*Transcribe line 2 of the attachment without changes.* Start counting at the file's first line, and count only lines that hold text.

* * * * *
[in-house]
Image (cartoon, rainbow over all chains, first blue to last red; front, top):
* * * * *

Image (cartoon, rainbow over all chains, first blue to last red; front, top):